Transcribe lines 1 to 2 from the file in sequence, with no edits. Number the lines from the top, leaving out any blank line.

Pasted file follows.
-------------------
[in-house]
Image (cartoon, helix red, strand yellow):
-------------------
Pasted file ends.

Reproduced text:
[in-house]
Image (cartoon, helix red, strand yellow):